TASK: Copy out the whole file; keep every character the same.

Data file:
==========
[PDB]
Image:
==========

[PDB]
Image: